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Author Topic: Calling all techy people.  (Read 3445 times)

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Offline Mouse

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Calling all techy people.
« on: February 03, 2008, 10:51:28 AM »
As some of you know Lappy has decided that she does not wish to continue living. Unfortunately I've been unable to respect her wishes as I need to use her to get all of my schoolwork done. But she powers off on me occasionally and it takes forever for me to get her going again as she keeps saying shit like 'operating system not found'.

So, I'm saving up for a new laptop. I was talking about this with Matty the past couple days but I figured some input from other people would be a good idea.

So far I'm mostly into this one: http://www.circuitcity.com/ssm/Toshiba-Satellite-U305-S7467-13-3-Widescreen-Laptop-U305S7467/sem/rpsm/oid/191734/catOid/-12963/rpem/ccd/productDetail.do

But I've read about some issues with it so if I can find something better in the same class that'll do. I'd like the price range to stay on or near (under 1500 would be best) 1000 dollars or under. I don't want to get something cheap just cause it's cheap though as one of my main requirements for this machine is that it get me through 4 years of university comfortably with very little issues.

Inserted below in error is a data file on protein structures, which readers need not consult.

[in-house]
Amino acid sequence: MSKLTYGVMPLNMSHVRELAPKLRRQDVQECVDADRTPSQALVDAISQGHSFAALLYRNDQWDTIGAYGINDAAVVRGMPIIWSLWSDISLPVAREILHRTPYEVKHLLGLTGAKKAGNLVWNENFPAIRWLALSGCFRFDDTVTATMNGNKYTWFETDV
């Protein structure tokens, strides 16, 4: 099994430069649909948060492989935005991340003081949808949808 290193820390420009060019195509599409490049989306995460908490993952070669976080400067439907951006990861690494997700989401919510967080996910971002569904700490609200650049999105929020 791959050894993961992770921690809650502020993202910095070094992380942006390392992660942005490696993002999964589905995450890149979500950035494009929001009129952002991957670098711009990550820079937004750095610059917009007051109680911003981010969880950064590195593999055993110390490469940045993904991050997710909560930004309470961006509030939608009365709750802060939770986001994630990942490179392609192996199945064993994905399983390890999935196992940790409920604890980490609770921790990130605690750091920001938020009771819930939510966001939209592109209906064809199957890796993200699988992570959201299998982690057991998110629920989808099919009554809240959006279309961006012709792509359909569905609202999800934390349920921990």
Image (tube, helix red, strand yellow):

Other requirements:
- I want it to run fast. I hate waiting for shit to load. I am spoiled.
- At least 200gb of harddrive space.
- 2 gigs of RAM would be nice. Or more.
- Decent speakers, decent graphics. I understand neither of these things are prominent on laptops but I would like a good quality for their market.
- As thin and light as possible. One of the appeals of the Satellite, when I saw it in the store was how small and light it was. It's effing adorable and very cool.
- Durable. I take basically good care of my shit but I do carry my laptop around with me quite a lot and I don't want it to be very fragile.


Any ideas? Comments on the one I'm looking at now? Y/N?

Offline Iggy

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Re: Calling all techy people.
« Reply #1 on: February 03, 2008, 10:57:09 AM »
One thought.  Have you ever considered wiping your current laptop and installing Linux?  It has come a long way and it is free...and uses barely any memory compared to windows.


Offline ademas